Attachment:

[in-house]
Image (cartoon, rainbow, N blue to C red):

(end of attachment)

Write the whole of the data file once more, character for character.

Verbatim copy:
[in-house]
Image (cartoon, rainbow, N blue to C red):